The next morning finds us heading north in the rental car to the El Capitan Cave. Ron and Michael from Spirit Journey along with their friends Heather and Bill join us for this trip. El Capitan Cave is the largest of the more than 500 caves on the Island with over two miles of mapped passages. We had a reservation with the Forrest Service for a two hour guided tour of the cave. This limestone cave is typical of many others around the United States and the Forrest Service does a great job of limiting access to the cave interiors fragile environment. After being equipped with helmets and lights, we venture 600 feet into the cave crawling through several tunnels and visiting different rooms with names such as the fault room, flow stone room, and pool room. At one point the guide has us turn off all lights. The complete darkness is truly a unique experience. It is chilly in the cave with a constant temperature of 45 degrees. Retracing our steps, we are soon hit with warm air and bright sunshine.
Our final three days at Thorn Bay are spent salmon fishing. Each morning we load up the dinghy with our fishing gear and head out to the mouth of Thorn Bay where we join a dozen other hopeful anglers running tight circles in the bay. We are novices at this and struggle to catch any fish while everyone else seems to be catching one after another. Ron on Spirit Journey takes pity on us and comes over with two lures for us to try. They are magic and we soon have a pink salmon in the bag. A few minutes later we have a second salmon on the hook, this time a Coho. From there things go downhill and we loose two really big fish as we are trying to net them so we call it a day. Our fishing technique gradually improves over the next two day. Each day we increase our catch culminating in a record for us of five salmon on the last day. We still manage to loose as many as we catch but had great fun in the process. Our freezer is now full and we are able to give Tom and Jan aboard Sun Chaser two of the salmon as they do not fish.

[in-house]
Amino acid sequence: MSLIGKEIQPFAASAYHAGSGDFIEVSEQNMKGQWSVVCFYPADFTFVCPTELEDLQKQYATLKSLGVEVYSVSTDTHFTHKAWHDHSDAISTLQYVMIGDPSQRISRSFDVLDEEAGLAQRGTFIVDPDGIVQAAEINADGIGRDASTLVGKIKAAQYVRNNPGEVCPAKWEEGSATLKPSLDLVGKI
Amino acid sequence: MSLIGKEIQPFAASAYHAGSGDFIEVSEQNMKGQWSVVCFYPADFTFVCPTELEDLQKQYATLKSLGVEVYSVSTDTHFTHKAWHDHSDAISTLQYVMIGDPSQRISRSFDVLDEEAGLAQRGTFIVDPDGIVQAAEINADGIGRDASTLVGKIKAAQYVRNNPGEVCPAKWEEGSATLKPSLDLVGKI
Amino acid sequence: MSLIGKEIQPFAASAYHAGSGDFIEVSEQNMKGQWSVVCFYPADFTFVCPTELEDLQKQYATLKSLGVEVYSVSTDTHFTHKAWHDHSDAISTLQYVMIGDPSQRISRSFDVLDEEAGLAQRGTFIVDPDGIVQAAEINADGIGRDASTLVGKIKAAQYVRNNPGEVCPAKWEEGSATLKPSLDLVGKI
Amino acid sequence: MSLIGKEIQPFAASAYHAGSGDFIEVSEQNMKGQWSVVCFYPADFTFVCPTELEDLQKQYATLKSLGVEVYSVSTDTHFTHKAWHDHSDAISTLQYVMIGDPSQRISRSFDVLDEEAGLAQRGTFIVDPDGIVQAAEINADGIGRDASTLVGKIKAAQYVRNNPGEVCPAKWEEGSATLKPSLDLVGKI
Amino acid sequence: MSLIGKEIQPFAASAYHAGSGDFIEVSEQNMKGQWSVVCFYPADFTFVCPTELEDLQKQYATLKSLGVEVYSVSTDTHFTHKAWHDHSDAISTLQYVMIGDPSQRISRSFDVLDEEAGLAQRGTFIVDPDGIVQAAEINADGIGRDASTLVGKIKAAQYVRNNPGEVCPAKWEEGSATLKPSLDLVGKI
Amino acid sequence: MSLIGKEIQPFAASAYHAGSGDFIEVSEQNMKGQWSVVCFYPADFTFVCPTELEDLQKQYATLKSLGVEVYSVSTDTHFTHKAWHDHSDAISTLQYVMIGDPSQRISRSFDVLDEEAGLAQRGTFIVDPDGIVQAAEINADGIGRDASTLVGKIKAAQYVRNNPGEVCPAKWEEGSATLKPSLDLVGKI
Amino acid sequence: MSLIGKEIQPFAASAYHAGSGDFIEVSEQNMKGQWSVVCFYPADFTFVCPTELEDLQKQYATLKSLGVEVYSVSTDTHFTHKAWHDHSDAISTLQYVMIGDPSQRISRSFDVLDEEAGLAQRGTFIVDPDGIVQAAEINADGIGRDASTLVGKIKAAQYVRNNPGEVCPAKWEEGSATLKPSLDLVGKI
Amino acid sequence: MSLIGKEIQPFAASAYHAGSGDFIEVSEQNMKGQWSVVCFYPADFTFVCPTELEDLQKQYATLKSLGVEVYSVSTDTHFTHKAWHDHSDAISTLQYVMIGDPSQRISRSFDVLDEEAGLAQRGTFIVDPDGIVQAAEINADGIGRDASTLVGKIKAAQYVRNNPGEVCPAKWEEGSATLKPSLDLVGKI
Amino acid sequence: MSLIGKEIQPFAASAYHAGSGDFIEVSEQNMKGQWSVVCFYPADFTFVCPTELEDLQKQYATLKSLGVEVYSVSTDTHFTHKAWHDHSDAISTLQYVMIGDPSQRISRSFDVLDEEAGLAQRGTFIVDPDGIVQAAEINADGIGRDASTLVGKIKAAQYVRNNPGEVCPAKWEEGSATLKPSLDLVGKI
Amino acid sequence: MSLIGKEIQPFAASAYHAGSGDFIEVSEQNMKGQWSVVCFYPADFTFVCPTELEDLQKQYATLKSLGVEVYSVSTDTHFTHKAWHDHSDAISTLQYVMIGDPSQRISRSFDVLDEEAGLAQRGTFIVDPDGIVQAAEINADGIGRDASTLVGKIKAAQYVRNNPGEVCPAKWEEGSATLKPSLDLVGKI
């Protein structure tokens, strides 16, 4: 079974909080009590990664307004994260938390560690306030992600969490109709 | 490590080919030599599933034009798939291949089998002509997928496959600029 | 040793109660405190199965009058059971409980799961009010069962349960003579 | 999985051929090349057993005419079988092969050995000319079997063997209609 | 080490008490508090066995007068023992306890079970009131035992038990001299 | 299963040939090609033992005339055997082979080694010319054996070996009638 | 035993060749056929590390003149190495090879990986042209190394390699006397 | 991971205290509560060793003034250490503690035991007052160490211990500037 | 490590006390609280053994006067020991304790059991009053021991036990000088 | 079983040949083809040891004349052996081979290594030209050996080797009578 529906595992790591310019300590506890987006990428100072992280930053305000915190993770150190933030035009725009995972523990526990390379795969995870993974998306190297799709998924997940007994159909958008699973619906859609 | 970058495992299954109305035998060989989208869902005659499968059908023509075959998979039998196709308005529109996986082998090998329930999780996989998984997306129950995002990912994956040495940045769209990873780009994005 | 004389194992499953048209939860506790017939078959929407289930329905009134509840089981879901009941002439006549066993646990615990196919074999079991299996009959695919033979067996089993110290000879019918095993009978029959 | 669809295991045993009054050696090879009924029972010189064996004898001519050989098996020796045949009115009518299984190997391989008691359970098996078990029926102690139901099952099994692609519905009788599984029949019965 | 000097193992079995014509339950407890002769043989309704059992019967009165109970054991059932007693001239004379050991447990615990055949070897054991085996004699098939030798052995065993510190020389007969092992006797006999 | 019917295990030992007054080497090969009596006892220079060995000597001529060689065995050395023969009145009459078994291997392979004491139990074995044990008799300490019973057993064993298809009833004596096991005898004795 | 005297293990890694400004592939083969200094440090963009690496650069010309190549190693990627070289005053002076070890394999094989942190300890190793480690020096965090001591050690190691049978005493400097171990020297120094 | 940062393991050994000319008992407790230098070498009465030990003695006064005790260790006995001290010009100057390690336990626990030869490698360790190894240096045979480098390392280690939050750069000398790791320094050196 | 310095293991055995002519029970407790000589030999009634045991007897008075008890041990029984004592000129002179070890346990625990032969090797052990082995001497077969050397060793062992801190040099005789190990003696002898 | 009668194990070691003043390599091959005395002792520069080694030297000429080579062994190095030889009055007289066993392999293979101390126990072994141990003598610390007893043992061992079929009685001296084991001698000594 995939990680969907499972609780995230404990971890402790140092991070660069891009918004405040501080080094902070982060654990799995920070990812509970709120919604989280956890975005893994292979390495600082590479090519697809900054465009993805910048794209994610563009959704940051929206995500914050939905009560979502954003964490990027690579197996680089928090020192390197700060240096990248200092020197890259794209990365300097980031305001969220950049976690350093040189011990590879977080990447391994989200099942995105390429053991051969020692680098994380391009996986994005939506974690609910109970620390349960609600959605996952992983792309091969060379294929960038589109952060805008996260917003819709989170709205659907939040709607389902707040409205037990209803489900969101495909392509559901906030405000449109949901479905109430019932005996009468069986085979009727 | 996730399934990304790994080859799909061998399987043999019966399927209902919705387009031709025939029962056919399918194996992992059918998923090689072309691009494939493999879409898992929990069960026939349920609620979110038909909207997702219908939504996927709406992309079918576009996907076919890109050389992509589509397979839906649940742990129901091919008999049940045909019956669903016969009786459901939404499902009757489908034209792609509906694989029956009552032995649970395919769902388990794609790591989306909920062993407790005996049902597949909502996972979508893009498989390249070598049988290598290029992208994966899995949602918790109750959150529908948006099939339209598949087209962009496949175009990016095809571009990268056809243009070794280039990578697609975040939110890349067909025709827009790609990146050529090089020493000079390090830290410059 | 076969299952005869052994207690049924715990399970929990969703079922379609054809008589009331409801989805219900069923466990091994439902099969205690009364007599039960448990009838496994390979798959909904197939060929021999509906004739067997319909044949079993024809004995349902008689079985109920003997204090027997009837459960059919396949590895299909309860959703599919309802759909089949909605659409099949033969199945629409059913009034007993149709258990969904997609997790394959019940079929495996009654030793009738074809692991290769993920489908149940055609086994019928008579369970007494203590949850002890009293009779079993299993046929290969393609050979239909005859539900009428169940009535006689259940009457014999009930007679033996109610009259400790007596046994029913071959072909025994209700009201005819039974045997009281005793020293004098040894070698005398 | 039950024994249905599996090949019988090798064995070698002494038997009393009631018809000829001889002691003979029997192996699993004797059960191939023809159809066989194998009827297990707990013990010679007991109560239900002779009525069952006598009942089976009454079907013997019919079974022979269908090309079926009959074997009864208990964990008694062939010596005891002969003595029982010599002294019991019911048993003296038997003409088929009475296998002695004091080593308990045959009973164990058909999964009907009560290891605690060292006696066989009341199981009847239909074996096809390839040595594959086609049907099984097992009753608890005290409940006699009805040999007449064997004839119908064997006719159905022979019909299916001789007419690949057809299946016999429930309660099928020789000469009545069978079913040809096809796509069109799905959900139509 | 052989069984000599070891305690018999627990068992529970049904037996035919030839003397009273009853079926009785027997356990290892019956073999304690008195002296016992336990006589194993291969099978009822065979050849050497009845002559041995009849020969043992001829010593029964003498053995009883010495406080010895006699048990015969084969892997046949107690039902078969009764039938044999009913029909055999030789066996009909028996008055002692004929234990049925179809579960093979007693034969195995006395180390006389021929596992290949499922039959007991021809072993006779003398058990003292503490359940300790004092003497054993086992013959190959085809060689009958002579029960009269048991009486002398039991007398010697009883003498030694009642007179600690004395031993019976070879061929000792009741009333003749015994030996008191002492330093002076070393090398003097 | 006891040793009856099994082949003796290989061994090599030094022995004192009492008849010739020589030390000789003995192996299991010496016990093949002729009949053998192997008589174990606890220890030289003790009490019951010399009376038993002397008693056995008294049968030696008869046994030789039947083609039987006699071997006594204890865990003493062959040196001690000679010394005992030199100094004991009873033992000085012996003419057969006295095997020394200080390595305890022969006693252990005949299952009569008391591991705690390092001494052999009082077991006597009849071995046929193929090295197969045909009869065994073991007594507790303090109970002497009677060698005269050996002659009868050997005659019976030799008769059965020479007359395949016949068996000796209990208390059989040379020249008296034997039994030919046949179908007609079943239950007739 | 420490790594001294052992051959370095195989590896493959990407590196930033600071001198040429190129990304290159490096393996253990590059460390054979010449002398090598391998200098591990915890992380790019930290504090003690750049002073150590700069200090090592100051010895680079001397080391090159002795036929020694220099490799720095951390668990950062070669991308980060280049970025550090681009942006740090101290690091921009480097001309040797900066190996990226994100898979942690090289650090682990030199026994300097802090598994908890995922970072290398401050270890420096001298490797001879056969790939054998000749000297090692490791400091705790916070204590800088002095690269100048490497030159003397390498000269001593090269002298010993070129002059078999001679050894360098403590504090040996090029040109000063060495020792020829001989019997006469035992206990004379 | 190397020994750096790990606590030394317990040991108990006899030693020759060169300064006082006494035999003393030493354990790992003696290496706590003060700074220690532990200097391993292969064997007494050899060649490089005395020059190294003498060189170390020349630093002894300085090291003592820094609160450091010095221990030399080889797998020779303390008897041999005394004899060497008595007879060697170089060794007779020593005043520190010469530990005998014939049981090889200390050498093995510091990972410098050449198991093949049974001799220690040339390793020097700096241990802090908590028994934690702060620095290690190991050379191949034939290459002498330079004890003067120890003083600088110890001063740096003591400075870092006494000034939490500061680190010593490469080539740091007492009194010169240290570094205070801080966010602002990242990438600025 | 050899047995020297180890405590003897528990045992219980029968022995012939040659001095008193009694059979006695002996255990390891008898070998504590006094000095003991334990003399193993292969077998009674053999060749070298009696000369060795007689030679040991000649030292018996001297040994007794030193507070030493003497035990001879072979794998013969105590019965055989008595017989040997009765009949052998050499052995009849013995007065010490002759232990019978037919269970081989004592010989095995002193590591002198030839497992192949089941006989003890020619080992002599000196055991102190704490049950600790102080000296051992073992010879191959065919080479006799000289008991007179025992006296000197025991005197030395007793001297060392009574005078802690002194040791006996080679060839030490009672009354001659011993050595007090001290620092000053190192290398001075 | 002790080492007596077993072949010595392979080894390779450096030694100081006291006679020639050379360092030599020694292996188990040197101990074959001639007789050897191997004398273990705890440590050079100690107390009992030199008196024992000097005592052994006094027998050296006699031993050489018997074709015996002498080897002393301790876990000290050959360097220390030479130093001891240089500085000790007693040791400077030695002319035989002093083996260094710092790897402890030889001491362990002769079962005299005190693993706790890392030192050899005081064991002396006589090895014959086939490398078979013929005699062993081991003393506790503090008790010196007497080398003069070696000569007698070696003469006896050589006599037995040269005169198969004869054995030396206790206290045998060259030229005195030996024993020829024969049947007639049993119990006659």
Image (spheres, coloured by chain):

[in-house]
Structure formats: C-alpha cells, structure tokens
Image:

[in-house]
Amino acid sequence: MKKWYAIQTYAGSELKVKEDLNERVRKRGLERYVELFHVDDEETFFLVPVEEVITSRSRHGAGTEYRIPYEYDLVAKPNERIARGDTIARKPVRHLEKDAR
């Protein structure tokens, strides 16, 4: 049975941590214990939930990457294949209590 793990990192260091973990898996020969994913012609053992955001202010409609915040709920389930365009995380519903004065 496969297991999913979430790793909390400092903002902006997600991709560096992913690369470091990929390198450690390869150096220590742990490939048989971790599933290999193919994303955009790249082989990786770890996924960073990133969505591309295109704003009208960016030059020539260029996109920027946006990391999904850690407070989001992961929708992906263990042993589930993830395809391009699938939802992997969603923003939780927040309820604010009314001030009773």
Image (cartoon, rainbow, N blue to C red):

Leaving Thorne Bay we make a two hour stop in Ketchikan to ship our freezer full of fish home. Frontier Shipping, located just a block from the docks, make this easy. We packaged everything up in an insulated box and it went directly into their freezer. They will put it on a plan tomorrow headed to Juneau where it will be transferred to FedEx for an overnight shipment back to TN. Now we can continue fishing.
Rekindle and Spirit Journey join us for five nights on Duchess Island at a beautiful well protected anchorage where we hunker down while gale force winds roar across Dixon Entrance. The seas are currently 17 feet at the Dixon Entrance Sea Buoy. Winds are forecast up to 45 knots outside. We haven’t seen more than 15 knots here in Pond Bay. We had high hopes of good fishing for this area. The only thing any of us have caught are some rockfish, baby halibut, and other strange creatures but nothing for the freezer. We are however catching lots of gigantic male Dungeness crabs.
Tomorrow looks like a good day for our open water passage across Dixon Entrance to Prince Rupert. After five days at anchor, we are ready to get underway. Our next blog should be from British Columbia.
Total Miles This Year: 2463